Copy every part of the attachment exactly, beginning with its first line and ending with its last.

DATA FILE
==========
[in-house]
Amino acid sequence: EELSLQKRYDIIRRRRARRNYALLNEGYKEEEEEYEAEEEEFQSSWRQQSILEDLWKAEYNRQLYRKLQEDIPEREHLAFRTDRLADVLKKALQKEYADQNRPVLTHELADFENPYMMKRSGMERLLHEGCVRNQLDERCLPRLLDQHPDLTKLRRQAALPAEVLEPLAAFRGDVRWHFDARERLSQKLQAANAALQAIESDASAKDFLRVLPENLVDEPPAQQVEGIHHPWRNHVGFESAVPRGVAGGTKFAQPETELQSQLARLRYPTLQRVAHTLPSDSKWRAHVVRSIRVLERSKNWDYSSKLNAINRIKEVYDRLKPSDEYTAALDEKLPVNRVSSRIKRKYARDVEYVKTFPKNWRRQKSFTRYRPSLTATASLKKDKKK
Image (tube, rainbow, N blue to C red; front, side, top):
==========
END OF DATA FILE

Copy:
[in-house]
Amino acid sequence: EELSLQKRYDIIRRRRARRNYALLNEGYKEEEEEYEAEEEEFQSSWRQQSILEDLWKAEYNRQLYRKLQEDIPEREHLAFRTDRLADVLKKALQKEYADQNRPVLTHELADFENPYMMKRSGMERLLHEGCVRNQLDERCLPRLLDQHPDLTKLRRQAALPAEVLEPLAAFRGDVRWHFDARERLSQKLQAANAALQAIESDASAKDFLRVLPENLVDEPPAQQVEGIHHPWRNHVGFESAVPRGVAGGTKFAQPETELQSQLARLRYPTLQRVAHTLPSDSKWRAHVVRSIRVLERSKNWDYSSKLNAINRIKEVYDRLKPSDEYTAALDEKLPVNRVSSRIKRKYARDVEYVKTFPKNWRRQKSFTRYRPSLTATASLKKDKKK
Image (tube, rainbow, N blue to C red; front, side, top):